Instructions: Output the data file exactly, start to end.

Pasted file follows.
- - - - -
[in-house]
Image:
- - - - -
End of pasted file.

[in-house]
Image: